The upcoming Agriculture and Forestry Summit will look at ways that Mississippi educational, agricultural, business and political leaders can help promote plot a future course for ag, forestry and rural development in the state. The summit is designed to define goals and strategies for Mississippi State University (MSU) to help promote the development of agriculture and forestry in the state.
“We think we can be an extremely positive force in helping grow the Mississippi economy through agriculture, forestry and rural development,” said Dr. Charles Lee, vice president of MSU’s Division of Agriculture, Forestry and Veterinary Medicine. “At the summit last year, the stakeholders presented a number of objectives that they felt we should be addressing to stay ahead. Our faculty has prepared some responses, and some of the things we are now doing that would fulfill the intent of those objectives.”
Lee said MSU is committed to helping producers adapt and prosper in the global economy. The summit will include discussion of opportunities provided by technological changes that will enhance the competitiveness of the two industries, and what producers can do to enhance their financial and risk management plans.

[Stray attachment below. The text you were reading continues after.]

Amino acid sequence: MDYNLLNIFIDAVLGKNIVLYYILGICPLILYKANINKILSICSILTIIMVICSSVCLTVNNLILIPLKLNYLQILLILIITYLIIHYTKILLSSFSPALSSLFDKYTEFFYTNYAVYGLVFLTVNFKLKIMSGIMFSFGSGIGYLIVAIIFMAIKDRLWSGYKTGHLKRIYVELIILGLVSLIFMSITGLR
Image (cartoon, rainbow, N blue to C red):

“I’m going to talk about new technologies that are going to be there to enhance the competitiveness of ag and forestry, and hopefully generate some new businesses as a result of the development of new technologies that have value in the marketplace,” Lee said. “I’ll talk about some things that we have to do to make us more effective in serving the needs of the state. One of those is having better telecommunications networks, more distance education opportunities so people don’t have to drive to Starkville. We want better Web sites and other things that would help people better manage.”
The public is encouraged to attend the free conference. Registration begins at 8 a.m. with sessions from 9 a.m. to noon. Speakers besides Caulder and Lee include Mark Keenum, chief of staff for U.S. Sen. Thad Cochran (R-Miss); Glenn McCullough, recently appointed director of the Tennessee Valley Authority; Bo Beaulieu, director of the Southern Rural Development Center; Lee; and Malcolm Portera, president of MSU.
This is the third year MSU has hosted the ag and forestry summit. Previous summits brought back recommendations to grow the Mississippi economy through agriculture, forestry and rural community development. and also proposed a plan of action to meet these goals.
Five task forces looked at managing and leading in a global economy, developing new and improved ag and forestry products for Mississippi, building technological resources, capital development, and improved farm and forestry productivity and profitability.
“At Summit II in 1999, the five tasks forces presented 22 recommendations,” Lee said.
“The responses and plans of action relative to the 22 recommendations will be presented at the upcoming Summit. We invite you to be in Jackson on June 7 to hear these responses and to help us develop a vision and plan of action that will benefit all Mississippians.”
About 500 people are expected to attend the summit.
Contact MBJ staff writer Becky Gillette at firstname.lastname@example.org or (228) 872-3457.